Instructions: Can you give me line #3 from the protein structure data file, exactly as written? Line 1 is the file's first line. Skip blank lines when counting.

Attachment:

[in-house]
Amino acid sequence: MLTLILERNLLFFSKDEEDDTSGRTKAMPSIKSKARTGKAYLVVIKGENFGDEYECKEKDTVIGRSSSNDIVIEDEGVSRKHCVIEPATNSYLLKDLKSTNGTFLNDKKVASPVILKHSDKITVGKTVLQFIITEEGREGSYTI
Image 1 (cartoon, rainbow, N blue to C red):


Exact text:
Image 1 (cartoon, rainbow, N blue to C red):